Founder of Islamberg also co-founder of terrorist group Jamaat al-Fuqra
HANCOCK, N.Y. — Â If you didn’t know where to look, you’d probably never find Islamberg, a private Muslim community in the woods of the western Catskills, 150 miles northwest of New York City.
The town, sitting on a quiet dirt road past a gate marked with No Trespassing signs, is home to an estimated 100 residents. There are small houses and other buildings visible from the outside, but it is what can’t be seen from beyond the gate that has some watchers worried.FOX News report
Islamberg was founded in 1980 by Sheikh Syed Mubarik Ali Shah Gilani, a Pakistani cleric who purchased a 70-acre plot and invited followers, mostly Muslim converts living in New York City, to settle there.
The town has its own mosque, grocery store and schoolhouse. It also reportedly has a firing range where residents take regular target practice. Gilani established similar rural enclaves across the country — at least six, including the Red House community in southern Virginia — though some believe there are dozens of them, all operating under the umbrella of the “Muslims of the Americas” group founded by Gilani.
Federal authorities say Gilani was also one of the founders of Jamaat al-Fuqra, a terrorist organization believed responsible for dozens of bombings and murders across the U.S. and abroad. The group was linked to the planning of the 1993 World Trade Center bombing, and 10 years earlier a member was arrested and later convicted for bombing a hotel in Portland, Ore.
Shoe bomber Richard Reid has been linked to the group, along with convicted D.C. sniper John Allen Muhammad. But it is Sheikh Gilani who creates the most controversy and concern.
Gilani has told his followers that “Zionist plotters” plan to rule the world, and he encourates them to leave America’s cities and avoid the “decadence of a godless society.” Gilani is the man American reporter Daniel Pearl was trying to interview in Pakistan when he was kidnapped and beheaded. The Sheikh was taken into custody and later released by Pakistani authorities; he denies any involvement in Pearl’s murder.
Gilani also denies any connection to Jamaat al-Fuqra, as do residents of the MOA compounds, who say the “terrorist” group doesn’t exist and was created by enemies of Islam hoping to destroy their communities. Members also deny sending a portion of their earnings to the Sheikh, but a former resident told FOX News that 10 to 30 percent of their income is regularly delivered to Gilani in the form of cash donations.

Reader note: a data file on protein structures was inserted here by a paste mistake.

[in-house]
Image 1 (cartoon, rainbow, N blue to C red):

FOX News attempted to visit Islamberg after earlier efforts to set up on-camera interviews were rebuffed. A spokesman said by phone that residents typically shy away from interviews since they worry their words will be manipulated and turned against them. He accused FOX News of misrepresenting the group and suggested covering an Islamic festival in Binghamton later in the month to celebrate the birthday of the prophet Muhammad. Then he hung up.
Local police told FOX News there has been plenty of rumor and innuendo over the years but very little trouble. The FBI’s Albany Division said the agency has an open discourse with the residents of Islamberg. They’ve visited the compound but won’t discuss whether there are any ongoing investigations.
That has not dispelled the worries of some watchdogs. Robert Spencer, director of Jihad Watch, says the group is making a concerted public relations effort to present a benign face and hide its violent past.
“I think we need to be very much on guard about every member of these compounds,” he said. Though Spencer admits there is nothing inherently wrong with living in isolation, he stressed that “they’re not at all open to visitors, they’re not at all open to scrutiny and there’s an abundance of evidence of sinister goings-on.”
Spencer offered no evidence to back his misgivings, but suggested political correctness may be hampering investigations. He says the group’s connection to Sheikh Gilani is reason enough to be concerned that they’re planning for “something on a larger scale and longer term,” to “further the causes of the global Islamic Jihad”, something MOA has repeatedly denied and scoffed at in the past.
We appreciate your support
One way in which you can support us — at no additional cost to you — is by shopping at Amazon.com.
Our website includes affiliate links, which means we get a small commission — at no additional cost to you — for each qualifying purpose. For instance, as an Amazon Associate Religion News Blog earns from qualifying purchases. That is one reason why we can provide this service free of charge.